Ending the old boys club

The trucking industry needs to get with the program and bring in fresh and diverse new blood in order to head into the future. The nature of the trucking industry is changing and society around the industry is also changing, fast.

 

 

Adapt or die, should be the motto. It is not enough to carry on doing things the way we have always done them. That will not cut it anymore. A major change in the industry’s culture is needed, and those who get on board first will succeed first.

 

 

If we need evidence about the need to change our culture and practices, we only have to look at the people lining up to become part of our wonderful industry. It’s not a very long line and many of the type of people we need, to take the trucking industry forward, would prefer to work anywhere but in road transport.

 

 

The Australian Logistics Council took the first baby steps in this direction this week by announcing a policy where it will concentrate on ‘people’. Isn’t this what the industry should be about anyway? When I talk to successful operators, one of the things they all say is how their success is based on the people within the business making it work.

 

 

So many are obsessed with procedures and processes, equipment and infrastructure. We loose sight of getting a culture and a feeling of an inclusiveness within the team. Get this right and safety and productivity will follow.

 

 

The ALC’s first step is to organise the first ‘Women in Logistics’ Summit in Melbourne on November 25 to discuss and map a series of strategies ALC will adopt to encourage and retain more women in the logistics industry. This follows the Finding the Balance Conference organised by Transport Women Australia, held in Melbourne last month.

 

 

Another small sign of improved inclusion is the appointment the ATA 2015 National Trucking Industry Woman of the Year, Julie Russell, as the Chair of its industry Skills and Workforce committee. She is an excellent example of the kind of people we need more of in the industry, a young woman with smart ideas and the motivation to bring on change. Our problem is, there aren’t enough Julie Russells out there to bring about culture change more broadly.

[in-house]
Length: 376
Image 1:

Our industry desperately needs to work out how to talk to the young people coming though and ensure their perception of our industry is different to what it is now. Trucking is, by and large, the preserve of older white males, many of whom expect to retire in the next few years.

 

 

Of course, we older white males have grown up in the industry and we are comfortable with the culture, to an extent. However, the next generation do not think like us and have vastly different expectations and aspirations to those held by the current crop of old timers, when they started out in the game.

 

 

Change is always hard, but the trucking industry has to accept there is a problem. There aren’t thousands desperate to get into our industry. Once we accept there is a problem, then we can go about finding a solution. Without a solution, the industry could decline.

 

 

Progress is all about embracing change. In this case, change is all about embracing new people, this includes women, the young and people from different cultures. It’s either diversity, or just die….

Musical chairs at the top of Scania Electric truck trial

Author: Tim Giles

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